I may talk about one or more of these later on. Nopocalypse is the most likely for a first candidate. It’s a word we could use, don’t you think?
BLUE HIGHWAY is done and off to Createspace for your POD enjoyment.
Here’s the back cover copy:
After the Great Big Zero,
Jake Culver is a driver, a fixer and an enigma. Out in the no man’s land of desert California, people don’t often ask what you did before or how you got there. But now someone is, and he doesn’t have the luxury of refusing an answer.
Against his better judgement, he agrees to return to his old haunts in the manufactured para-paradise of Orange County. The Orange Trust runs it like a company town, which would be fine if Jake and the man at the top didn’t share the baddest of blood. Jake’s got a few days to find out who’s not only stealing from the hotbed of high-tech, but trying to get the biggest criminal organizations in the county to pick a very public war with one another.
From the cracked asphalt and no rules motorized combat beyond the reach of authority to the regulated cool of the icehouse and back again, Jake and his friend Tommy ‘Thin’ Manh dig through the above-ground and underground of a near-future California. The pursuit leads them both through the abandoned subway tunnels run by the electrified Mozarts and the subtle digitality of the Weave, to the neon playground of Fascination Street, finally leading Jake back to the one thing that he could never outrun.
BLUE HIGHWAY is 336 pages of nopocalypse science fiction for $15.99. I will probably have copies for sale at Convolution in Emeryville in November. But if you hit Createspace now, you’re guaranteed a copy.
There may or may not be an ebook release. My experience there has been pretty sour, to be bluntly honest. That’s shortcomings on my end, I’m sure, particularly in the self-promotion side of things. All that said, a Kindle release comes in the Createspace package, but that may wait for a little while. Or a long while.
But please, check out the book. I’ll be posting some lengthier excerpts here and I’ve been doing the same at my Tumblr blog (which is much more active than this one.)
You can read that at http://highway62.tumblr.com and I hope you check it out.
In addition to folks like Brian and Wendy Froud and Richard and Wendy Pini and Richard Kadrey, the fine folks over at Convolution SF have extended an invitation for yours truly to appear as a guest of the show and do some panels/programming.
I’ll try not to mess it up too badly, but I’m kinda weirded out by the process.
Anyways, a chance for you to stop by and say “hi” and check out the goings-on if you’re in San Francisco the first weekend of November.
More updates as they happen.
Hey folks, you might’ve seen a solicitation from Image for a book called STRANGEWAYS. That is not my book. I’ve already talked to them. I’ll let you all know when there’s official news.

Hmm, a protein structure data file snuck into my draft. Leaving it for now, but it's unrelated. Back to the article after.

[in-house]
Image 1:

Work continues on THE LAND WILL KNOW, but it’s slow, primarily because I can only pay artists like a small indie publisher which means that work that pays better and has tighter deadlines goes to the top of the pile. Still shooting for a release early next year.
For the next few days, A TASTE OF ASPHALT will cost you precisely nothing, as opposed to the .99 it usually costs. Two short stories, a preview of the dark fantasy DUSTBEARER, a handful of essays and extended previews of RAGNAROK SUMMER and the upcoming BLUE HIGHWAY. 200+ pages.
If you’re reading this now, you’re using a device that can use the Kindle client.
Taken from “Crunch Time”, which you can buy for only .99, alongside 200 more pages of reading (including an extended preview of the upcoming science fiction novel BLUE HIGHWAY). Get it right here.
“I pointed out the window, even though the parking lot was largely empty now, but for some scattered trash and newspapers. No eaters or fraternity pranksters or cops or anyone. Newspapers. Who the hell reads newspapers anymore? They looked as if they’d been put there by the set dresser for THE OMEGA MAN and it he thought it was still 1973.
At least we weren’t in Los Angeles. You couldn’t have paid me to be there today. The riots, at least they said they were riots, were going full bore.
Full bore as in boring. We’d been hearing that the world had been coming to an end for how many years now? Acid rain, peak oil, infertility crisis, overpopulation, global warming then global dimming. LA had been in slow-motion apocalypse since we decided that we all couldn’t get along. Just that now the rioters were occasionally eating some unlucky clod who couldn’t get out of the way, that reports told of them being shot point blank and getting back up and someone had used the word ‘zombie,’ proving that they could be ignored. Zombies were so last year.”
Granted, zombies were last year when I wrote this in 2011.
So .99 gets you “Crunch Time”, “Blink” (a horror story about a thing from another place that can’t decide to be when its dragged here by mistake), previews of “A Mere Death” (fantasy from the volume DUSTBEARER), six chapters of RAGNAROK SUMMER (fantasy novel which follows the Norse gods 100 years after their victory at Ragnarok), a selection of essay from my nonfiction books, and finally a long preview of BLUE HIGHWAY, featuring a United States torn apart by several wars for secession, The Great Big Zero and muscle cars running on hydrogen instead of high-octane.